Open water fever
Phoenix the dog paced the beach at the east end of Donner Lake in anxious anticipation, darting between the eight young swimmers as they reluctantly peeled off hooded sweatshirts in the biting morning shade.
“It’s so cold,” said one swimmer as she waded thigh-high into the glassy body of water. Others agreed.
Four members of the Truckee Tahoe Swim Team donned wetsuits for the occasion; four stood shivering without. A volunteer parent and his 7-year-old son floated by the idle group in a two-person support kayak, while another parent poked around the shallows on a paddleboard. Several swim team mothers watched from the beach.
Sarah Clement, an assistant coach with the Truckee Tahoe Swim Team, soon joined the pack as it set off for its 1.7-mile training swim ” an “out and back” to Poop Rock (some call it Bird Rock) following the Donner State Park shoreline.
Phoenix didn’t need an invitation. The “open water mascot,” a yellow Lab mix, knew the routine, which was established when Clement and five of her swimmers took to the lake for a morning swim this past Fourth of July.
“We called it our Firecracker Swim,” said Clement, playing off the name of the annual Firecracker Mile run in Truckee. “That kind of spawned it all.”
Tuesday’s open-water swimming session was about the 10th for the group, said Clement, who organizes the swims and has worked full-time with Truckee Tahoe Swim Team for about a year and a half.
“We’re going to try to continue,” she said. “We want to culminate with a swim across the lake. The kids want to do it. They’re all very enthusiastic about trying something new.”
The swim team athletes ” most of whom are between the ages of 11 and 14 ” gained inspiration to swim the lake in large part from watching the 28th annual Donner Lake Open Water Swim on Aug. 9, which measures 2.7 miles from start to finish.
“It’s going to be hard. It’s weird not being able to see the bottom,” said 14-year-old Molly Ingalls, a veteran of several triathlons who has yet to swim across Donner Lake. “I haven’t done it, but I really want to.”
Same goes for teammate Sarah Westmoreland, 14.
“I really want to swim across the lake, too,” Westmoreland said before dipping her toes into the lake. “Hopefully next week.”
One member of the team, 11-year-old Brittany Percin, swam across Donner Lake the day of the race, leaving 10 minutes after the official start because she was too young to compete.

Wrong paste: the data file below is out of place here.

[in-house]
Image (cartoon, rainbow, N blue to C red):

“It was good. In the middle it started getting cold and wavy, and it didn’t help that I was pulling a balloon behind me,” said Percin, who said she completed the swim in about an hour and a half. The balloon was so Percin’s father, Mark ” who manned the support kayak Tuesday alongside Dan Ingalls on the paddleboard ” could locate her in the chop.
Clement said Percin is one of the top long-distance swimmers with TTST, having already completed the Donner Lake swim and with plans to compete in both the Whiskeytown Lake Open Water Swim on Sept. 7 and the Folsom Lake 1-Mile Swim on Sept. 27. She’s treating those races as preparation for the better-known Tiburon Mile in the San Francisco Bay on Oct. 5.
“I think the (Tiburon Mile) will be different than Donner Lake because it’s salty and a little more wavy. But it will be a challenge and should be fun,” Percin said, adding that she’d like to get more involved with open water swimming in the future.
“It’s just a different experience,” she said, comparing the discipline to pool swimming. “There’s no chlorine, and I like distance swimming more than sprints.”
Besides the above-mentioned TTST members, others in Tuesday’s group included Erika Klenk, Mackenzie and Kayla Redner, Kailee Bingham and Alex Davis. Sean Percin, 7, swam a portion of the distance.
They’re all considering competing in the Folsom Lake Swim, Clement said.
Brittanny Percin, who plans to swim the Tiburon Mile on Oct. 5, will be raising funds through the event for the Special Olympics. Stay tuned for more information as the race nears.